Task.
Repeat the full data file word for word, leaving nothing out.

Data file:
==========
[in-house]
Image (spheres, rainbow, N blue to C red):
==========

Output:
[in-house]
Image (spheres, rainbow, N blue to C red):